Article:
Use a Curry Comb to remove more grave dirt and grease from the thick coat. Curry combs can also help to stimulate the blood flow of your horse. You should inspect the hooves regularly to prevent injuries or infections. 

Shetland Pony History

The Shetland Pony history is rich and old. The small ponies originate from the Shetland Isles in Northern Scotland and have a history that is older than 2000 years. Over many centuries, numerous records and stories mention the tiny horse from Scotland and its evolution during time. The Shetland pony traveled the world and was used versatile throughout history until today. 


The Shetland Pony origin is on the Shetland Isles, north of Scotlands coast. The rugged and beautiful islands formed the Shetland pony over time into the sturdy pony we know nowadays. It is known that the ancestors of the Shetland pony already lived during the Bronze Age on the Shetland Islands since bone excavations revealed the existence of small horses there (2).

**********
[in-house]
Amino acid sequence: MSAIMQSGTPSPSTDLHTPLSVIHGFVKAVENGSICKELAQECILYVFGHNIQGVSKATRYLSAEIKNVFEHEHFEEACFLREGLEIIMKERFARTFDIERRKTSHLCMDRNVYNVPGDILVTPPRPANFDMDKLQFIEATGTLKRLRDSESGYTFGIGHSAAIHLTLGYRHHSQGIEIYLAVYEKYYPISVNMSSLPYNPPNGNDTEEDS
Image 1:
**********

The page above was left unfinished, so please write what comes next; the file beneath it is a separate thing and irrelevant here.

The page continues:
The true origin of the Shetland is believed to be the Cob type of Tundra and the Mountain Pony from Southern Europe. Those horses migrated over massive ice fields and landmasses to the region that is nowadays the Shetland Isles. A later introduction of a Celtic pony was brought to the region by settlers and influenced the Shetland ponies’ evolution further. 

Historic Development 

It is believed that the Shetland pony was used during the Bronze Age for domestic purposes (2) like pulling carts filled with peat, and coal and ploughing the farmland of the villagers. When industrialization hit Scotland, the small Shetlands have been imported to Britain to be used as pit ponies to haul coal underground in several mines. Since they were so hardy and durable, the Shetlands have been exported to the United States for the use as mine ponies as well.